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NIWA Media Release Is that the sea creeping up behind me?

Tuesday 1 May 2012, 8:57AM
By NIWA
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The sea is creeping up on us, with storm surge flooding starting to occur more frequently on king tides. It is of growing concern. This is the first sign we will notice, rather than the slow but sure rise in sea-level. Sixty-five percent of Kiwis live within 5 km of the sea, and this includes twelve of our fifteen largest towns and cities. Because of our nation’s preference for coastal living, we need to really consider what rising sea-levels mean for us, especially for higher tides.

“It’s mostly about risk”, says NIWA Principal Scientist Dr Rob Bell. “Rises of more than a metre by 2100 can’t be ruled out, and should at least be considered in assessing the vulnerability of our existing development at the coast. New Zealand’s Coastal Policy Statement directs that we also avoid further increasing risk in the future. So for large new subdivisions and developments, we should be building into this new development sufficient capacity to absorb even higher rises in sea level, given the permanent nature of subdivisions."

As sea-levels rise, there will be an escalating risk from sea flooding in low lying coastal areas, where a present-day 100-year flood event could occur every year when sea-level rises by 0.5 m,” says Dr Bell. Higher storm surges can damage beaches, seawalls, buildings, roads and other infrastructure; they may also affect drinking-water supplies in lowland rivers and groundwater.

On 10 -11 May 2012, the New Zealand Climate Change Centre (NZCCC) is holding a 2-day conference on sea-level rise and the challenges this brings as risks change over time. This conference will be held in Wellington at the Museum of New Zealand, Te Papa Tongarewa.

This conference will include keynote speeches from leading international scientists such as John Church, CSIRO Fellow and oceanographer with the Centre for Australian Weather and Climate Research.

“Sea level is rising as a result of warming (and expanding) oceans and melting of ice on land. We cannot prevent all sea-level rise and we will need to adapt. However, the amount of adaptation we will need will depend on future emissions of greenhouse gases”, says John Church.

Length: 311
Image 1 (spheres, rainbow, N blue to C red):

Scientists will present a synthesis of recent projections for sea-level rise and discuss the uncertainties associated with these projections. They will identify anticipated impacts on New Zealand’s coastal environment and infrastructure resulting from climate change.

“Planners and engineers here in New Zealand need sound guidance on what sea-level rises are expected along our shores, working around the key uncertainty about how quickly the polar ice sheets may melt in future”, says Dr Rob Bell.

The NZCCC’s aim is to stimulate collaborative research and dialogue by facilitating communication between scientists, planners, councils, engineers, businesses, M?ori and
organisations giving advice and making decisions on climate change impacts. The conference will have a strong inter-disciplinary focus and aims to stimulate discussion of how scientists and practitioners can manage present and future coastal issues and how social and bio-physical scientists, central and local government, and infrastructure operators, can work together with communities to build more resilient coastal settlements.

Other keynote speakers:
Rob Bell (NIWA) will present historical observations and projections for New Zealand within the global context and discuss how sea-level rise will impact New Zealand in addition to other coastal hazards.

Judy Lawrence and Martin Manning (NZCCRI, Victoria University of Wellington) will outline the nature of changing climate risk and its significance for decision-making using a risk-based framework for adapting to the range of sea-level rise effects over time.

Bruce Glavovic (Massey University) will identify lessons from a range of environmental disasters for managing the impacts of climate change on the coast.

Chris Cameron (Wellington City Council) will present the context within which New Zealand Councils operate under sea-level rise and coastal planning.

Tim Reeder (Environment Agency, United Kingdom) (via video-link) will outline approaches to adapting to sea-level rise in the United Kingdom, including using the Thames Estuary Project 200 as an example of how uncertainty has been addressed over long timeframes.

Sea-level Rise: meeting the challenge is on at Te Papa.

To register for the conference visit: www.confer.co.nz/nzccc2012